WikiLeaks publishes 180 pages of document which suggest Bolsonaro’s deputy would direct police to commit crimes against humanity
WikiLeaks has published an unredacted 186-page report on Brazilian President Jair Bolsonaro’s ultraconservative deputy Jair Bolsonaro, on the grounds that the information should be immediately released because it contains potentially shocking crimes against humanity.
WikiLeaks has published a short excerpt from the document, which comes from it’s Brazilian arm, on WikiLeaks’ website.
The document outlines how Bolsonaro is believed to have permitted a deputy, Jose Person, to have operated over the years as a corrupt police chief of the city of Belo Horizonte where he was head from 2003 to 2008, while also knowing that Person was secretly spying on various key figures of the left-wing Workers’ party (PT) and the “soft dictatorship”.
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The leaked report contains more than 180 pages of Boliviaans governmental correspondence, correspondence with other Brazilian politicians and secret police files. WikiLeaks says the material reveals Person, one of Bolsonaro’s closest allies, to be the man who has authorised killings of PT leaders and left-wing dissidents.
It also accuses him of monitoring PT leaders for up to 10 years, with access to PT headquarters and PT corruption victims, including several named in an internal document prepared by the government of former president Luiz Inácio Lula da Silva.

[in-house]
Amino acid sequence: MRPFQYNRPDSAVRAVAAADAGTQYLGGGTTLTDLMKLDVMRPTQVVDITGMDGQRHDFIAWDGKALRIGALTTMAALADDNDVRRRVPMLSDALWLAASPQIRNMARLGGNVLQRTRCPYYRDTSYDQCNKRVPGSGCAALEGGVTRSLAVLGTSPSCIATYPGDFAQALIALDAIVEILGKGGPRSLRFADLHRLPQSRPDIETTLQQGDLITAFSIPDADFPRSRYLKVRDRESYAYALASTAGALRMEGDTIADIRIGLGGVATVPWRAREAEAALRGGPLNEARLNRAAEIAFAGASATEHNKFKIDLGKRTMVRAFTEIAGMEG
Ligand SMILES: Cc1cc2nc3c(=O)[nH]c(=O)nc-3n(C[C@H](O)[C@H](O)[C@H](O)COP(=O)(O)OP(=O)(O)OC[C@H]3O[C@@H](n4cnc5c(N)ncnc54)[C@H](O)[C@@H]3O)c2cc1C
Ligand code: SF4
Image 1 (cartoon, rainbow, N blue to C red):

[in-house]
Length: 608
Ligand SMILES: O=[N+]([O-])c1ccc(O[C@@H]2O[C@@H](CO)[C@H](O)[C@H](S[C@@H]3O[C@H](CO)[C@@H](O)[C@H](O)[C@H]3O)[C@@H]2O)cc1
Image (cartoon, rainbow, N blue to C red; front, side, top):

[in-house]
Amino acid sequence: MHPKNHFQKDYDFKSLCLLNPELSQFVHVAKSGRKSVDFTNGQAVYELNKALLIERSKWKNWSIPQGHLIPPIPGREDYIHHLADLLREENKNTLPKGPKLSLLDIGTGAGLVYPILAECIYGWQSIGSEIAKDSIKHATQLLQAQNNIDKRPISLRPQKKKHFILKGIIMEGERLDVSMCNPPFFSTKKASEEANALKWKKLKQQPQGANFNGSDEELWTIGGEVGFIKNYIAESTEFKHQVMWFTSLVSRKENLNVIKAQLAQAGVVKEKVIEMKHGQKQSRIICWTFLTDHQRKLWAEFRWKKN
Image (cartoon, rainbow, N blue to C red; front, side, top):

According to WikiLeaks, it is unlikely the mass homicide charges made in the report would ever be pursued in court. “Probably not,” said a WikiLeaks spokesperson. “Due to the immunity of Office members … when they do have serious criminal charges filed against them, a relief case will be conducted.”
A replacement for Person was placed in charge of the police in Belo Horizonte in 2012 following a party congress. There has never been any official complaint filed against Person in relation to the document.
It is not the first time WikiLeaks has published a report which does not necessarily indicate illegality. Last year it published an unredacted 186-page report which is said to detail how Ecuadorian police were spying on WikiLeaks editor Julian Assange with police informants who were paid between $100 and $1,000 per week.